The Anchorage Community House looks like a normal two-story home, both outside and in. There's a living room and a big kitchen, two bedrooms and a bathroom. It's tucked away in a quiet neighborhood off of Lake Otis Parkway.
But what owners Meg and Zach Zaletel hope to do with the space is straddle the line between house and community center.
They've used the house to hold everything from monthly "Friday Fling" pseudo-block parties to classes and make-ahead meal prep nights. Earlier this month it was home to both a Manhattan cocktail course and sourdough starter workshop.
There's a little something for everyone, including science experiments for kids and classes on how to garden.
The Zaletels have lived in Anchorage for the 11 years and bought the house directly across the street from them last October. At first, they figured they'd turn it into a rental or list it on Airbnb.
But Meg, who is an attorney, decided she wanted to do something more with the space. What if they could make it available for community activities and other events?
She said there are community houses in other cities, but not quite like theirs. Generally the "houses" are large mansions bequeathed to local communities. They are often used as venues for weddings and large parties.
"These exist. This thing I want to do, it's not too outlandish," Zaletel said in an interview last week. "Now how do we do it Anchorage? Can we do it in this small house? Well, why not try? What's the worst that can happen? That no one came? That no one thought it was interesting? Well then we can just be landlords."
But people have been coming. In the first year they hosted over 130 events for both adults and children. People can pay for annual memberships, $60 for individuals or $120 for a family, or pay for drop-in classes, which range from from free to about $30.
This summer they started a "tool library" where people can check out tools. It has over 180 items, including commercial vacuum sealers and chainsaws. In addition to classes like yoga, there have also been concrete countertop workshops and science, technology, engineering and math classes on making circuit boards.
The varied events calendar was partially born out of wanting to find group activities for their daughter, 5-year-old Zelda. Zach, a chemical engineer, likes to teach STEM classes. Many of the science-based classes are geared toward children.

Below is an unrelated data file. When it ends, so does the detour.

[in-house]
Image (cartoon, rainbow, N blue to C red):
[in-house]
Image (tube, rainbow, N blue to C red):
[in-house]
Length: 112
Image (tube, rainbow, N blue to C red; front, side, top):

Meg said in the last year over 500 people made their way through the house's arctic entryway.
The house itself has the amenities of any regular home: a cozy living room with a fireplace and big, open kitchen. There's a small, but growing library area with several bookcases full of books. An art room in the back is covered with a colorful mural and chalkboard walls.
The fact that it looks like a normal home "puts people at ease," Meg said during a tour last week.
Neighbors said the street can sometimes get crowded with parking, but that having the house on the street hasn't yet caused additional problems.
Jeff Frizzell has lived around the corner from the house for seven years with his wife, Julie. He said at first he had concerns about the house, and parking has been busier.
But other than that, he said, having the community house in the neighborhood has been positive. At each new class he meets someone new. He's been to a few events over the last several months and said each time he likes it "more and more."
"It's nice to see it bubbling," he said. "This could be something that's vital to our community."
Josh Nelson was a first-time visitor to the community house last Thursday, when a small group got together to learn how to make Manhattans.
He loved the class, he said, particularly because it was easy to talk to people and things were relaxed. But he was still trying to get his head around the idea of the community house.
"It's a good idea, but it's such a new concept," he said. "What happens when it gets really big?"
The Zaletels aren't sure at this point. The for-profit endeavor didn't quite break even last year, according to an annual report provided by the Zaletels. Most revenue came from rentals during the summer.
Growth is planned for the future, including making sure the house is accessible to people outside of the neighborhood who use public transportation.
If anything, they hope to see the model replicated in other parts of town.
"That's the experiment — what does a community center look like in Anchorage?" she said.